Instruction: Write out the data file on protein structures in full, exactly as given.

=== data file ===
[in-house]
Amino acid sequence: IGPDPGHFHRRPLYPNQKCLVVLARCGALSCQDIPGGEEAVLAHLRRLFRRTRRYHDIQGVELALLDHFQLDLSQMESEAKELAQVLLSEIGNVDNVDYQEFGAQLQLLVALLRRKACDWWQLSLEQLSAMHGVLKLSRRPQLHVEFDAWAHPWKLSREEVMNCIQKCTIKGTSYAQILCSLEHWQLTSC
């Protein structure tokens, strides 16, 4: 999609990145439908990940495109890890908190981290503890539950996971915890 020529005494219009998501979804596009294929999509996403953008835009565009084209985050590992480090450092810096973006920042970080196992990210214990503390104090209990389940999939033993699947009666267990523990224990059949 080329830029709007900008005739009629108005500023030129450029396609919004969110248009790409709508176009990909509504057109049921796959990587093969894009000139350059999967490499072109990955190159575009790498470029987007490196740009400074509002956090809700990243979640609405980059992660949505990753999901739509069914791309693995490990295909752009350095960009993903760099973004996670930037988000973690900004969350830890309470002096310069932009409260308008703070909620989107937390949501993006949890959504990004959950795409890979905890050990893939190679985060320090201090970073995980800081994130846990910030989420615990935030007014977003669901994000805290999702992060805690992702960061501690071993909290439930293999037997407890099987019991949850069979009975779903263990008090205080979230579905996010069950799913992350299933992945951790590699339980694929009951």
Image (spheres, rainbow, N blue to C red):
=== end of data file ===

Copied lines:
[in-house]
Amino acid sequence: IGPDPGHFHRRPLYPNQKCLVVLARCGALSCQDIPGGEEAVLAHLRRLFRRTRRYHDIQGVELALLDHFQLDLSQMESEAKELAQVLLSEIGNVDNVDYQEFGAQLQLLVALLRRKACDWWQLSLEQLSAMHGVLKLSRRPQLHVEFDAWAHPWKLSREEVMNCIQKCTIKGTSYAQILCSLEHWQLTSC
């Protein structure tokens, strides 16, 4: 999609990145439908990940495109890890908190981290503890539950996971915890 020529005494219009998501979804596009294929999509996403953008835009565009084209985050590992480090450092810096973006920042970080196992990210214990503390104090209990389940999939033993699947009666267990523990224990059949 080329830029709007900008005739009629108005500023030129450029396609919004969110248009790409709508176009990909509504057109049921796959990587093969894009000139350059999967490499072109990955190159575009790498470029987007490196740009400074509002956090809700990243979640609405980059992660949505990753999901739509069914791309693995490990295909752009350095960009993903760099973004996670930037988000973690900004969350830890309470002096310069932009409260308008703070909620989107937390949501993006949890959504990004959950795409890979905890050990893939190679985060320090201090970073995980800081994130846990910030989420615990935030007014977003669901994000805290999702992060805690992702960061501690071993909290439930293999037997407890099987019991949850069979009975779903263990008090205080979230579905996010069950799913992350299933992945951790590699339980694929009951």
Image (spheres, rainbow, N blue to C red):